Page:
February 20, 2019
February 15, 2019
Since 1951, National Engineers Week has been educating and inspiring young people on the importance of engineering within society. This week, we spoke with employee-owner Eden Roth about her journey to become a Field Engineer with Sundt’s Concrete Division. Eden graduated in 2017 from Arizona State University with a degree in Construction Management. While attending ASU, she was involved in various activities including Advancing Women in Construction, Design-Build Institute of America, and the Associated Schools of Construction. Eden started with Sundt in April of 2018 and has worked both in the office and out in the field.
What attracted you to become an engineer? Was this something you always knew you wanted to pursue?
The funny thing is I actually didn’t know I wanted to become an engineer. I saw the students around me getting jobs as engineers, both project and field engineers, and actually applying what they learned in school to their job, and I just thought that was great.
There are a lot of different paths a person can take with a Construction Management degree; how did you decide on becoming a Field Engineer in the Concrete Division?
So, when I started going to school for construction, I didn’t know that I wanted to go into concrete; I just knew I wanted to build things. I met my mentor Chandra in Advancing Women in Construction at ASU, and she started talking about how important concrete is and how it’s the foundation of the structure. So, I started looking into it, and I realized how much I could learn from it, and here we are today. I can honestly say I love concrete!
What’s been the biggest challenge you’ve overcome?
The biggest challenge I’ve faced while being an engineer, I’d have to say, is changing groups or project teams that I’m working with. Everyone works together and communicates differently, so you really have to take the time up front to get to know one another if you’re going to be successful. But once you do take the time, it’s worth it.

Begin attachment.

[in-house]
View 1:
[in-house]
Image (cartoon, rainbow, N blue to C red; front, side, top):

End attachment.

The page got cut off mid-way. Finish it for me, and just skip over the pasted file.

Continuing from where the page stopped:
What’s your favorite part about being an engineer? Least favorite?
My favorite part about being an engineer is probably that you have to be collaborative and you have to work as a team. I enjoy being around other people, and there’s no other way to succeed except to work with your team and your coworkers. My least favorite part about being an engineer is probably that you work day or night, rain or shine; it might be midnight, maybe the middle of a hot day, but you’re out there. I guess that makes it the most fun too.
Knowing what you know now, and being where you are in the industry, what advice would you give your younger self just starting to find your way in the construction world?
Knowing what I know now, I would say not to be scared, and to go for it. I think it’s really easy to limit yourself and let fear dictate where you’re going, but this is the most supportive industry I think I could have found myself in. If you’re thinking about pursuing a career in construction, do it.